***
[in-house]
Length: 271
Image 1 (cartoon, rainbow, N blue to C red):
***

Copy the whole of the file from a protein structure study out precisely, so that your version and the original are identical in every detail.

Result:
[in-house]
Length: 271
Image 1 (cartoon, rainbow, N blue to C red):